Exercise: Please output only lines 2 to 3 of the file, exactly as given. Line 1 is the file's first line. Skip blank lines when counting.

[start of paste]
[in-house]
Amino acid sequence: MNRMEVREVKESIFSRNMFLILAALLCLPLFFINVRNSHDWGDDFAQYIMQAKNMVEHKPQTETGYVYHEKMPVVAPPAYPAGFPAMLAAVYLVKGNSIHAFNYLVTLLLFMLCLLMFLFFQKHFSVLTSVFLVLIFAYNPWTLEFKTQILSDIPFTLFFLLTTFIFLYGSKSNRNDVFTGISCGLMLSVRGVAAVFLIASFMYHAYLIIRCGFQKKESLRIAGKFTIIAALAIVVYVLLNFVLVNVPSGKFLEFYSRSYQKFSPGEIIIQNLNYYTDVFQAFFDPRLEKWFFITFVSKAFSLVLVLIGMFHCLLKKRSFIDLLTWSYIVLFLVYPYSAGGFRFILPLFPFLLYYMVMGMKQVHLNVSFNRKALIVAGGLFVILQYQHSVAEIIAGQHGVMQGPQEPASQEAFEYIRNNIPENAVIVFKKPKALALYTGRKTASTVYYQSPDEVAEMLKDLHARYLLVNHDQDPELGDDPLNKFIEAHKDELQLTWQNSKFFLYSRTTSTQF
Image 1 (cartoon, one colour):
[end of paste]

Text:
Amino acid sequence: MNRMEVREVKESIFSRNMFLILAALLCLPLFFINVRNSHDWGDDFAQYIMQAKNMVEHKPQTETGYVYHEKMPVVAPPAYPAGFPAMLAAVYLVKGNSIHAFNYLVTLLLFMLCLLMFLFFQKHFSVLTSVFLVLIFAYNPWTLEFKTQILSDIPFTLFFLLTTFIFLYGSKSNRNDVFTGISCGLMLSVRGVAAVFLIASFMYHAYLIIRCGFQKKESLRIAGKFTIIAALAIVVYVLLNFVLVNVPSGKFLEFYSRSYQKFSPGEIIIQNLNYYTDVFQAFFDPRLEKWFFITFVSKAFSLVLVLIGMFHCLLKKRSFIDLLTWSYIVLFLVYPYSAGGFRFILPLFPFLLYYMVMGMKQVHLNVSFNRKALIVAGGLFVILQYQHSVAEIIAGQHGVMQGPQEPASQEAFEYIRNNIPENAVIVFKKPKALALYTGRKTASTVYYQSPDEVAEMLKDLHARYLLVNHDQDPELGDDPLNKFIEAHKDELQLTWQNSKFFLYSRTTSTQF
Image 1 (cartoon, one colour):